A jury has awarded $995,600 to a Lynn Haven woman suing over her husband’s death, the Panama City News-Herald reported April 29. Betty McBride was continuing the lawsuit filed by her and her husband, Woodrow McBride, against former employers and parts manufacturers they believe exposed him to asbestos. As a result, they argued, Woodrow McBride developed mesothelioma, an aggressive cancer of the internal tissues. He died in September of 2006, a month after the lawsuit was filed.
Woodrow McBride had worked at two power plants in the Panhandle between 1968 and 1996. During that time, the McBrides’ lawsuit charged, he was exposed to asbestos, a known carcinogen, though the installation and maintenance of Foster Wheeler brand boilers insulated with the substance. In the suit, the McBrides named Foster Wheeler and fifteen other companies they believed had contributed to the asbestos exposure. In its decision, the jury found that products from Foster Wheeler and a company not part of the lawsuit, Gulf Power, made products that caused the illness. It apportioned 25% of the blame to Foster Wheeler, 60% to Gulf Power and 1% to each of the remaining defendants. Because Gulf Power was never part of the claim, it does not have to pay its share of the damages.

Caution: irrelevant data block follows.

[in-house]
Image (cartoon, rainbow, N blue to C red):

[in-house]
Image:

Asbestos exposure is a common subject of lawsuits because it is the only known risk factor for mesothelioma, a rare but deadly cancer of the tissues lining the chest. Asbestos is a naturally occurring mineral that was once widely used in industry; it is composed of tiny fibers that human beings can inhale but not exhale. Once the fibers are inside the victim’s body, they get stuck in the lungs and are eventually absorbed by the body, resulting in cancer anytime from 10 to 60 years later. Because this cancer is frequently detected late, and because its location near vital body organs makes surgery difficult, the prognosis for most victims is grim. Though some patients live with the disease for years, most, like Woodrow McBride, die within 18 months of diagnosis.